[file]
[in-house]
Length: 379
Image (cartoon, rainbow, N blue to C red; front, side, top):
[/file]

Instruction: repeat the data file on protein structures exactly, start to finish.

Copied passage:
[in-house]
Length: 379
Image (cartoon, rainbow, N blue to C red; front, side, top):